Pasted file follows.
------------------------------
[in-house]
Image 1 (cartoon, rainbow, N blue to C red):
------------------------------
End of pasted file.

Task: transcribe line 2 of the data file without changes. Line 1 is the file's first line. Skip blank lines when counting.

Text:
Image 1 (cartoon, rainbow, N blue to C red):